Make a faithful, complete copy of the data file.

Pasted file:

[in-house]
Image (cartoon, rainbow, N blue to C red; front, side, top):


[in-house]
Image (cartoon, rainbow, N blue to C red; front, side, top):